Robert Hojnoski Weighs in on Ongoing Legal Battle Between Flynt Brothers on ABCnews.go.comPDF
Porn Empire Rocked by Flynt Brothers Lawsuit
Pornography king Larry Flynt is being sued for $20 million by his younger brother, Jimmy, who claims he was wrongfully terminated from the family's business. Jimmy says Larry has stopped paying him his $250,000 salary and has tried to force him out of the family's several Hustler-branded operations, which include casinos, clubs, retail outlets and publications, including Hustler magazine.
Larry's attorney, Amanada Lenhart of Dinsmore & Shohl, says in response: "Jimmy's baseless claims have already been rejected by two different judges, and we are confident that his latest desperate attempt to harass Mr. Flynt will be similarly dismissed." She added that Larry "has tried to help Jimmy for many years" and that "it is disappointing, though not surprising, that Jimmy has rewarded Mr. Flynt's generosity with frivolous litigation."
Jimmy's lawsuit, explains his attorney, Robert Hojnoski, is part of a larger, ongoing dispute involving the brothers' respective ownership stakes in the business and their use of Hustler trademarks.
Though Hojnoski says Larry and Jimmy were once close, relations curdled in 2009 when Jimmy's sons started a business of their own using the Hustler name. Larry sued to stop them and insisted that Jimmy exercise his influence as the boys' father to get them to desist. The boys persisted, and relations between the elder Flynts deteriorated.
How are relations today? "Strained," says Jojnoski, "non-existent. They haven't made up." Yet for 40 years the two worked closely together to build the Hustler business. They traveled together and at one time lived together.
Complicating things now is the fact that business relations between the two were based on understandings that were oral, not written. Hojnoski says that's not unusual for a family company, whether it's a porn publisher or a bakery. These enterprises tend to based, he says, on "lose, informal, trusting relationships. There's often a laxity in how they're set up and organized."
Tom Deans, an expert on family businesses, agrees. "I wish I could say this is rare," he says, referring to Larry and Jimmy's Cain-and-Abel tussle. "But within a family business it's very typical. Often in a family business, in the early days, a lot of shortcuts get taken and there isn't any formalizing of job descriptions. Families get into business and think that trust and love will prevail. In the fullness of time, it usually doesn't work out particularly well."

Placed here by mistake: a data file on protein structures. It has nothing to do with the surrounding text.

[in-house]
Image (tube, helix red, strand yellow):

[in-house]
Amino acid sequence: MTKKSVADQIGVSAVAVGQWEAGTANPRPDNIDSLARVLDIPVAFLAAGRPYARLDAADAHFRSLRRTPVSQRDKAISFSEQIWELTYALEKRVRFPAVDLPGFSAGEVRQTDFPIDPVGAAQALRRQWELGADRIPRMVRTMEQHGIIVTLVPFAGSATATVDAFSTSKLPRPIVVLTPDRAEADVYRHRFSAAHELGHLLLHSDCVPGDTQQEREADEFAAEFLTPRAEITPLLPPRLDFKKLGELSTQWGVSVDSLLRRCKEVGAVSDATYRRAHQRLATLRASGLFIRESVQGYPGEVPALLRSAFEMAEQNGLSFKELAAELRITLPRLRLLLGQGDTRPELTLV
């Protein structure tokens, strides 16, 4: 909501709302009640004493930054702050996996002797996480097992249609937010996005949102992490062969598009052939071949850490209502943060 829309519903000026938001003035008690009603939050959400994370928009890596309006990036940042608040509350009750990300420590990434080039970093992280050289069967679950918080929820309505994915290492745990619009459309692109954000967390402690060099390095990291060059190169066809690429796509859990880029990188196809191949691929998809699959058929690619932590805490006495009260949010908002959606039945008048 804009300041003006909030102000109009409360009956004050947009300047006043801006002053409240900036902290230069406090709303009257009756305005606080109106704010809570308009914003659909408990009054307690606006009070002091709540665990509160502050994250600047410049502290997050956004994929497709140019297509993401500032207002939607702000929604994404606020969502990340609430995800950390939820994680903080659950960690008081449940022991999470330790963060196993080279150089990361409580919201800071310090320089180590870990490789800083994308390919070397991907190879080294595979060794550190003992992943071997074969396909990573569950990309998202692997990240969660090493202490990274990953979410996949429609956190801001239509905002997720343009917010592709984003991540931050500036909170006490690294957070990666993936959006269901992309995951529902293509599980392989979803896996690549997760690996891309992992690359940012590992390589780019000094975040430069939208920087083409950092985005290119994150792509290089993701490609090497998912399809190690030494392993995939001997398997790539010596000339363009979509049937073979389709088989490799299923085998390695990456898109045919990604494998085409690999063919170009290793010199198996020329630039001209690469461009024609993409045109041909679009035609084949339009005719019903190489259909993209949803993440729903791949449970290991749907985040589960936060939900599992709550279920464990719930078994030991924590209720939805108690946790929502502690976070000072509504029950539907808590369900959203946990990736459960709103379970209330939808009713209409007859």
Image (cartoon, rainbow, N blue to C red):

"These guys are fighting about control," says Tom Deans, author and expert on family businesses. "They've got more money than they can possibly consume. They're not fighting about money but about who had what, when and how. Theirs was a verbal agreement, never codified." Their problems today go back to the early days of the business, when things were "lose and informal."
Wasn't it odd that Larry and Jimmy, as the business grew, didn't insist on a more formal arrangement that would have spelled out their respective status, responsibilities and rewards? Deans, author of "Every Family's Business," says no, that's not odd at all, at least where family businesses are concerned.
The higher the stakes, the less inclined family members become to risk upsetting the status quo. If they press for an arrangement more formal and explicit, they might get what they want. But they might not. "The majority of their net worth has been in the retained earnings of the business," says Deans. Whether the business is five years old or 25; whether revenues are four-figure or eight-, the emotional and political dynamics remain the same. If things seem to be working okay as is, nobody wants to rock the boat. Nobody wants to press for greater clarity.
"So," says Dean, "the timing is never good. There's too much personal risk."
It's not that family members don't see the downside to doing business in a loosey-goosey way, or that they don't see the potential pitfalls. It's that every family believes it will be the exception, Dean explains. "They believe the business will prevail because the family will prevail. But that's not usually the case." Too much can happen. "Spouses enter in, siblings are born, parents die. Succession issues arise. It gets very clouded, very complex; and usually it all gets resolved in court."
Hojnoski says Jimmy feels that he has been treated shabbily. "In a family business, when there's a breakup, there are always disputes over ownership issues and employment," he says. Often times, he says, it comes down to one person saying: 'Look, I don't care what's written on any piece of paper, but I've been here from the beginning, and I have an ownership interest. My value and my contributions have to be recognized. You can't just kick me out on the street.'"
Dean believes the destruction of the Flynt brothers' relationship prefigures the dissolution of the business and of the family fortune, which, he predicts, "will get ground down" in the courts and more legal wrangling. "The last chapter in a family business," says Dean, "too often is Chapter 11."